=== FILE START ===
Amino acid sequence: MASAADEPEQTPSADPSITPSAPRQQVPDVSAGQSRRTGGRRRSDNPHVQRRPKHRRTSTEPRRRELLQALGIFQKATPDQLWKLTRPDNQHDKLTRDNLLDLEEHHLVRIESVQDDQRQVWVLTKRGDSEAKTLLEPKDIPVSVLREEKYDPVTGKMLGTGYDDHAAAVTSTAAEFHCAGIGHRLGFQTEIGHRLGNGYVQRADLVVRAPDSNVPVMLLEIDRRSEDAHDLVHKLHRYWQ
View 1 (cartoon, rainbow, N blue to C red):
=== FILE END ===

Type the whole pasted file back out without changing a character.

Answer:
Amino acid sequence: MASAADEPEQTPSADPSITPSAPRQQVPDVSAGQSRRTGGRRRSDNPHVQRRPKHRRTSTEPRRRELLQALGIFQKATPDQLWKLTRPDNQHDKLTRDNLLDLEEHHLVRIESVQDDQRQVWVLTKRGDSEAKTLLEPKDIPVSVLREEKYDPVTGKMLGTGYDDHAAAVTSTAAEFHCAGIGHRLGFQTEIGHRLGNGYVQRADLVVRAPDSNVPVMLLEIDRRSEDAHDLVHKLHRYWQ
View 1 (cartoon, rainbow, N blue to C red):